Become a Foster Carer

We Foster Too – fostering from a birth child’s perspective

Recently we held a one day workshop with some of our birth children to find out what it is like for them being part of a fostering family. Eight young people attended the group and their ages ranged from 8 years old to 17 years old. The findings from the workshop will help Blue Sky Fostering develop an induction for future birth children embarking on fostering with their families. 

We discovered that there are lots of positives and negatives with a period of adjustment required for having new people living in the home 24 hours a day. The young people often said that one of the hardest parts of fostering was when looked after children who they had built a relationship with left the home and they were not sure if they would be able to see them again. 

They also acknowledged how important it is to speak to someone about how it feels to be a birth child who fosters so steps can be put in place to deal with any difficulties. One young man commented that Blue Sky Fostering have been a great help and make him feel as important as the looked after children in his home.

Overall, the birth children said that their lives had changed for the better and the best thing was knowing that they were helping to directly improve the lives of looked after children. 

Here are some of the thoughts of our birth children in their own words: 

“At first it was strange to have these new people in our lives and the attention to be focussed on them mainly but after a while when everything gets settled it’s absolutely fine because you’re just one big family.”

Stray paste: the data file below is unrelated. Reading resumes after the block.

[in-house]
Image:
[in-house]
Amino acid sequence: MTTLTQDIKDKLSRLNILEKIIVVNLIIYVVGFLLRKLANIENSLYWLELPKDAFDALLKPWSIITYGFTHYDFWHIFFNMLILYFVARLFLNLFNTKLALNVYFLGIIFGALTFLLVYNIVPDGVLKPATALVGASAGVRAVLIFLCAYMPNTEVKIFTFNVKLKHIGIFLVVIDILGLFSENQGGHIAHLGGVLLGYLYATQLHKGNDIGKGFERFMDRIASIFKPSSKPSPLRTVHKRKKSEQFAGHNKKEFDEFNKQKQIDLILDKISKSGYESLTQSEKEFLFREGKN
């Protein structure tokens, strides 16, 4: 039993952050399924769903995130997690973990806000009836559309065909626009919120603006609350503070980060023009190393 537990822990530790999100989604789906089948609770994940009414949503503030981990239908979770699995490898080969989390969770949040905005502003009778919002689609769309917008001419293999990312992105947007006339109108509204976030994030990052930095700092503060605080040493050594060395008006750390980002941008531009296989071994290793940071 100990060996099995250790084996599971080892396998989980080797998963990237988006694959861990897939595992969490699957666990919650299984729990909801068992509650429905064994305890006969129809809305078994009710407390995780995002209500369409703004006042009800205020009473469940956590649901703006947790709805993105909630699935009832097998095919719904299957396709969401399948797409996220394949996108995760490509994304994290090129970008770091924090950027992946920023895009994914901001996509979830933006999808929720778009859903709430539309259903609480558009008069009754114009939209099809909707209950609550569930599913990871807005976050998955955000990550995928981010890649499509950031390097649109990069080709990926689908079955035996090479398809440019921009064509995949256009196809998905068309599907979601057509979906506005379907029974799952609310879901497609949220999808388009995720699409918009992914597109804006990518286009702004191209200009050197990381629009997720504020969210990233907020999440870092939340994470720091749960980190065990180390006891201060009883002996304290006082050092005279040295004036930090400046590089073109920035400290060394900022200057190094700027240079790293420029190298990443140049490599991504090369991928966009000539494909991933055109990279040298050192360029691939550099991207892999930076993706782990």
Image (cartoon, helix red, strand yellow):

“Sharing my parents, I found not so hard as I thought it was going to be because I’m grown up and not relying on my parents so much.”

“The best thing about fostering is that you know you’re changing the children’s lives at the end of it.”

“The most difficult part of fostering is when someone goes and it’s really sad and them telling their stories and how they’ve been in foster care.”

“I think my family have become closer together. Having a younger child with us, we do more things as a family unit.”

At the workshop we tried to create an environment where the birth children could talk openly with us about their feelings. As a result they have given us a really valuable insight into what it’s like to be a birth child who fosters and have given us lots of advice we can pass on to our future birth children whose family take up the role of foster care.

Many thanks to everyone involved.

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